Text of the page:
foreign national
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In this article, Pallav Gupta, pursuing Diploma in Entrepreneurship Administration and Business Laws from NUJS, Kolkata discusses the process for lending money to Indian citizens by a foreign national.

For the purpose of promoting external finance and foreign trade, Foreign Exchange Management Act, 1999 and Foreign Exchange Regulations, 2000 were brought to control the negative effect of the liberalisation. It extended up to defining the limits of the foreign exchange and explaining the diverse role of the apex bank of India in it. It also brought the concept of lending by non-resident Indians or Foreigners to Indian citizens.

Introduction

The international financial markets are a very lucrative source of debt finance, especially for businesses in India, on account of the low-interest rates prevalent globally when compared to the Indian financial markets. Financial markets outside are considered to be as the most lucrative option of borrowing/financing due to the cheaper interest rates as compared to the Indian financial markets.

Reserve Bank of India (“RBI”) has been a little conservative with the help of the tools of law that is Foreign Exchange Management Act, 2000(“FEMA”) and Foreign Exchange Regulations, 2000. Lately, with respect to the aspect of overseas borrowing, be it commercial or private, policies of the RBI has been under long debates. The laws have made external borrowing to be completely legal but there have been so much of compliances and requirements to be met in order to suffice those transactions. With comparison to Foreign Lending and Borrowing, relatively lesser conditions are imposed by the RBI in Foreign Investment which still creates a fear inside the mind of the general public when they think of private lending through a foreigner or a non-resident Indian.

As discussed above RBI has allowed the channel of borrowing and lending between Indian and foreign individuals but has put up certain requisites and processes so that the Indian financial structure is not affected by any means.

Definitions

Just like every piece of enactment or law, it is certainly important to understand the definitions of certain general terms as explained in the laws enacted in India.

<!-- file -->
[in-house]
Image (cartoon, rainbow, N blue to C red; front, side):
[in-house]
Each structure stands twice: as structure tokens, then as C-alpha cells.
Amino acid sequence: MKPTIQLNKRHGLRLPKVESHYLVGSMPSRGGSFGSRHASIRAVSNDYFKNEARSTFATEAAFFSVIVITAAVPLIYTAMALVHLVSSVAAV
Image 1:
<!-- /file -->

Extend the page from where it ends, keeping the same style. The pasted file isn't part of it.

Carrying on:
‘Person’

To start with, as per the FEMA, 2000, a person can be an individual, a firm, a company or a Hindu Undivided Family, a body of individuals or associations of persons, any branch, office or agency which is owned by such person and every artificial juridical person. It is now very important to understand as to what FEMA defines a person who is a resident of India. A person will be considered as residing in India if during the course of preceding financial year that person has been residing in India for more than one hundred and eighty two days but will not include a person who has gone out of India for the purpose of his employment, carrying his business outside of Indian neither when a person who comes to stay in India for the purpose of his employment or carrying his business.

It shall be considered as a person if that body, agency or branch which is in India but is controlled by someone who is not a resident of India or even when that branch, agency or body has been based out of India but is controlled by a person resident in India. A person who is not a resident of India has been clearly defined under FEMA in simple words as a person who is not a resident of India. Another important term is the authorised person which includes any offshore banking unit or an authorised dealer or a money changer authorised under Section 10 of FEMA who can deal in foreign exchange and foreign securities.

Foreign Borrowing

Various provisions from FEMA and other Regulations and Notifications cover various kinds of transactions such as borrowing, investing, lending which would require the watch of the RBI. Foreign Exchange Management (Borrowing and Lending in Rupees) Regulations, 2000 (“FEMBLRR”) contains certain provisions regarding the borrowing by an Indian person or a company from a foreign source in the Indian currency. Whereas the Foreign Exchange Management (Borrowing and Lending in Foreign Exchange) Regulations, 2000 (“FEMBLFER”) contains provisions regarding borrowing by an Indian person or a Company in foreign exchange.